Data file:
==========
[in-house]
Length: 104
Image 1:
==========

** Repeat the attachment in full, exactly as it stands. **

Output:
[in-house]
Length: 104
Image 1: